The story of The La’s is a compelling one. The Liverpool band which formed in 1983 had all the potential to become a great band and have a very successful career, but they ended up only recording one studio album in 1990 titled “The La’s”. Since then apart from sporadic reunions and occasional live appearances, the band has pretty much ceased to exist, for reasons only singer-songwriter Lee Mavers would know? It just so happens that their one and only release is a classic album that influenced an entire generation of British musicians, and arguably helped change the course of British music away from 1980s synth pop towards what became known as Britpop in the 1990s, not to mention the indie wave that came after that and continues to this day. The bands style as showcased on the album is largely influenced by skiffle, 1960s mersybeat, and 1950s rock and roll, and is based around a jangle pop sound of chiming guitars and infectious melodies. Lee Mavers in an interview described the band’s sound as “rootsy” and “raw and organic”. Mavers unique singing style also brought a Liverpudlian element to their sound, with his Scouse growl ensuring the band sounded more Liverpool-like than the cities most famous group. The album contains a mixture of all out beat songs such as “I Can’t Sleep” and “Failure”, melodic pop pieces such as their most famous song “There She Goes”, and acoustic folk numbers such as “Liberty Ship” that harks back to the days of skiffle.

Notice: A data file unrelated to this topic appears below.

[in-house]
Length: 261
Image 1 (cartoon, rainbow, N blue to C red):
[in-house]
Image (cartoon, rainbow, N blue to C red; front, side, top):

The story of the albums making is an interesting story, and pretty much some ups why the band has since failed to capitalise on their great debut. The band spent three years in the studio recording and re-recording this album, using several producers in the process as well as a constantly changing line up, as they strived to get the authentic sound desired by Mavers. Mavers was a perfectionist after a 1960s sound, and obsessed over the making of this record to the point that in one instance it was reported that he rejected a vintage mixing desk claiming that it did not have the right sound because it didn’t have “original sixties dust”, fair enough I guess? Several versions of the album were recorded, with the officially released version being disowned by Mavers who said it was a version he did not want made public. Why he believed this I don’t know as the album sounds pretty good to me, and its influence on British music over the last twenty odd years is plain to see. It might even be that the authentic rootsy sound desired by Mavers might not have had the same impact as the clean melodic sound that you hear on the record, who knows. In the end Mavers obsession in perfecting this record probably ended up prevented him from capitalising on its influence and moving the band’s career forward. It is also surly one of the reasons why the band has been missing in action all these years, even though apparently they still exist in the form of Mavers appearing with a constant rotation of other musicians when they do play. Despite this, “The La’s” is an album I recommend to anyone who’s into 1960s British pop, indie, or people who just love a good melody. This might possibly end up being the only studio release from this group, but even twenty-three years on its influence is plain to see, and it’s sound still relevant.